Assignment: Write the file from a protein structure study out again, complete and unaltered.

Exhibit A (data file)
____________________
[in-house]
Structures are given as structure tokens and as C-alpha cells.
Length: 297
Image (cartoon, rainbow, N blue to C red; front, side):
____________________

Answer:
[in-house]
Structures are given as structure tokens and as C-alpha cells.
Length: 297
Image (cartoon, rainbow, N blue to C red; front, side):